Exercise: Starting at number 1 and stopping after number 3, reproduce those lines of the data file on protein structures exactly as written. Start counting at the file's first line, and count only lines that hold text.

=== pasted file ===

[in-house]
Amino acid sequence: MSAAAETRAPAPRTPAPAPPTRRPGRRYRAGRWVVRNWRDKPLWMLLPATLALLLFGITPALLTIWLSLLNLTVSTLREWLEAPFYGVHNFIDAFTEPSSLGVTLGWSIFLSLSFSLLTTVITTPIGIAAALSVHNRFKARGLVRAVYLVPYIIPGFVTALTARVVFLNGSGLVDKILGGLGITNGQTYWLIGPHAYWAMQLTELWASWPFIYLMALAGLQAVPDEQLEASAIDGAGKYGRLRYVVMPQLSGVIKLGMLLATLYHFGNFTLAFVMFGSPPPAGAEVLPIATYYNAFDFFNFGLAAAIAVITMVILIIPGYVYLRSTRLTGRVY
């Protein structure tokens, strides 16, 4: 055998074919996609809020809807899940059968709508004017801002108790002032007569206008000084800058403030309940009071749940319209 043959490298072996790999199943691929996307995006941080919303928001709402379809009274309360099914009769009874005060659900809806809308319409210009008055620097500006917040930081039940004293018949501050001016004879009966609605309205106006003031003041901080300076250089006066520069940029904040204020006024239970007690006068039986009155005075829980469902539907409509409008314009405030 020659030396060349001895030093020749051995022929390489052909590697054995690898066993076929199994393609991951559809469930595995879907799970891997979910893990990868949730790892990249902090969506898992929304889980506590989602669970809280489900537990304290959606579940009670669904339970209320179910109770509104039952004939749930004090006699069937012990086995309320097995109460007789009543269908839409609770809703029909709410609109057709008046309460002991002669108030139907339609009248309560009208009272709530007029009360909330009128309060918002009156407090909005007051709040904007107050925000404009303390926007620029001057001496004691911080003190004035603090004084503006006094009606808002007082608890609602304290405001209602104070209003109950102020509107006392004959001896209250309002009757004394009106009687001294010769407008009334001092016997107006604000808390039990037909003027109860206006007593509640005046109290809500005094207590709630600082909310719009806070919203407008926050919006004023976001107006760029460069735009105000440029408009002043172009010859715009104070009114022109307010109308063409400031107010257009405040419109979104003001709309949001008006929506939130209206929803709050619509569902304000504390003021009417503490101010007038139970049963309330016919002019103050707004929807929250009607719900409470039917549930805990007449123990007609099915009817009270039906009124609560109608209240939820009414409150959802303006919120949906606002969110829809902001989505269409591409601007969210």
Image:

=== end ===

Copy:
[in-house]
Amino acid sequence: MSAAAETRAPAPRTPAPAPPTRRPGRRYRAGRWVVRNWRDKPLWMLLPATLALLLFGITPALLTIWLSLLNLTVSTLREWLEAPFYGVHNFIDAFTEPSSLGVTLGWSIFLSLSFSLLTTVITTPIGIAAALSVHNRFKARGLVRAVYLVPYIIPGFVTALTARVVFLNGSGLVDKILGGLGITNGQTYWLIGPHAYWAMQLTELWASWPFIYLMALAGLQAVPDEQLEASAIDGAGKYGRLRYVVMPQLSGVIKLGMLLATLYHFGNFTLAFVMFGSPPPAGAEVLPIATYYNAFDFFNFGLAAAIAVITMVILIIPGYVYLRSTRLTGRVY
């Protein structure tokens, strides 16, 4: 055998074919996609809020809807899940059968709508004017801002108790002032007569206008000084800058403030309940009071749940319209 043959490298072996790999199943691929996307995006941080919303928001709402379809009274309360099914009769009874005060659900809806809308319409210009008055620097500006917040930081039940004293018949501050001016004879009966609605309205106006003031003041901080300076250089006066520069940029904040204020006024239970007690006068039986009155005075829980469902539907409509409008314009405030 020659030396060349001895030093020749051995022929390489052909590697054995690898066993076929199994393609991951559809469930595995879907799970891997979910893990990868949730790892990249902090969506898992929304889980506590989602669970809280489900537990304290959606579940009670669904339970209320179910109770509104039952004939749930004090006699069937012990086995309320097995109460007789009543269908839409609770809703029909709410609109057709008046309460002991002669108030139907339609009248309560009208009272709530007029009360909330009128309060918002009156407090909005007051709040904007107050925000404009303390926007620029001057001496004691911080003190004035603090004084503006006094009606808002007082608890609602304290405001209602104070209003109950102020509107006392004959001896209250309002009757004394009106009687001294010769407008009334001092016997107006604000808390039990037909003027109860206006007593509640005046109290809500005094207590709630600082909310719009806070919203407008926050919006004023976001107006760029460069735009105000440029408009002043172009010859715009104070009114022109307010109308063409400031107010257009405040419109979104003001709309949001008006929506939130209206929803709050619509569902304000504390003021009417503490101010007038139970049963309330016919002019103050707004929807929250009607719900409470039917549930805990007449123990007609099915009817009270039906009124609560109608209240939820009414409150959802303006919120949906606002969110829809902001989505269409591409601007969210």